The first thing to say about this remarkable lens is the build quality which is excellent. Aperture selection and focusing rings are perfect, a delight to use.
Its a chunky and quite heavy lens (for a Voigtlander) & fitted to the M8 it gives a very sturdy feel. I personally like the whole "feel" of it, but then I am used to heavy DSLR's. Long time rangefinder users may find the combination weightier than they are used to.
Its however lighter than the Leica 50mm f0.95 Noctilux-M (and 1/5th. of the price!)
Ultra fast lenses are quite rare and usually very expensive. At £1100 this is not cheap and considering the F/1.5 is less than half the price, why did I buy it?
Its well known that in the world of ultra-fast lenses the law of diminishing returns applies. One extra half stop usually means a significant price hike. In the case of Voigtlander 50mm lenses the extra stop from this lens means a 2X more price jump.
But if that half or full stop means the difference between a picture & no picture, then its worth every penny.
I work in lots of situations where I'm photographing people & events in very low light. Situations where flashguns are not allowed & where people are not conveniently standing still all the time. I also need to provide high quality images, shot at the lowest ISO possible. This includes Weddings, Workshops, Schools, Factories and Theatres. Image stabilisation isn't going to get the job done, neither is a tripod. The only answer in many of these situations is an ultra-fast lens. In addition to photographs I'm now shooting a lot of video. This lens will double up up on my Panasonic GH1 for stills and video, where it becomes the 35mm equivalent of a 100mm F/1.1. Combined with my recently aquired Summilux 25mm F/1.4 these two lenses will give me excellent low light options for that camera.
The other advantage to ultra fast lenses is the limited depth of field. In most cases I am unable to organise the environment in which I work & many of them can be either unnatractive, cluttered or both at the same time. I'm often looking to focus on a person and eliminate a confusing and unobtrusive background.
The final advantage to this lens is that it brings my M8 into play as a low-light camera. The more I use the M8, the more I like it. I'm gradually getting used to the operational idiosyncracies and I can now work much faster with it. What I'm not getting used to is those images popping up on my screen. I'm still getting that "wow" reaction all the time. The sharpness, the colour, the contrast are all amazing. The M8 is sometimes described as merely a box for attaching m-mount lenses to. Lots of reviews miss just how good the sensor is. I don't think anyone would seriously argue that the higher ISO's are particularly useable but at ISO 160-320 its pretty sensational.
So back to the Nokton. The most important question is how does it perform wide open? To this end I took myself off for the afternoon to the Avoncroft Buildings museum. This is a large area filled with historic buildings rescued and re-built in the middle of the Worcestershire countryside. A quite remarkable place & well worth a visit. On-site there are factories, churches and barns, many with no lights inside. An ideal testing ground for the lens.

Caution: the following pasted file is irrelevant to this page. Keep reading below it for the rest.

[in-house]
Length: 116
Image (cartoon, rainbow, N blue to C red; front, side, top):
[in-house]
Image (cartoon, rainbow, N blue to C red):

The simple answer to the question is that it performs well. The fact that it performs at all at F/1.1 is remarkable enough. In terms of sharpness it performs well, though without the excellent results found when stopped down. There is also some blue/purple fringing around highlights which cannot be removed by setting up a profile in photoshop. It can however be removed using Photoshops colour noise filter. I tend not to give too much importance to defects I can easily fix & this is easily fixed. The bokeh is also very nice.
The main problem is that of actually using it. I'm used to focusing lenses manually but focusing an f/1.1 lens in low light is not easy. You have to be absolutely perfect with one of these as the depth of field is miniscule. We're talking fractions of an inch here. I did achieve a higher hit rate than I was expecting but low contrast dimly lit subjects are VERY difficult. In situations like this AF is not especially better. I used a 50mm F/1.2 Canon lens for a while and that was equally problematic.
If this lens is something that you might consider using then be prepared to practice, be prepared for some failures and if you wear glasses, as I do, make sure they are spot on!
The other problem is that the minimum focusing distance is 0.9 metres, which is about 3 feet. Thats fine for me but if you need to focus closer than this then you will have to look elsewhere.
Having said all that I was very pleased with the results. I was shooting in some very murky conditions & only had to resort to ISO 320 once. The feeling of being able to walk into a dark environment and know that you can still take pictures is quite exhilarating and I do love the effect of minimal depth of field.
I did take images at other apertures & these were very good indeed. From F/2.8 onwards it produces very sharp, very clean images. My favourite lens ever is my Nikon MF 50mm F/1.2 but I think its going to be replaced in my affections!
I've posted some full size samples at:-
I'm very happy with this lens. There are of course the Leica alternatives which are even faster, but I'm not sure I could ever consider paying £5000+ for a lens.
It does the job wide open and more than that when stopped down. It will prove very useful for my work & will give me lots more options. It will make a difference to what I am able to offer & that makes it an extremely useful addition to my lens collection.
Voigtlander 50mm F/1.1 Nokton on Panasonic GH1 - Stills + Video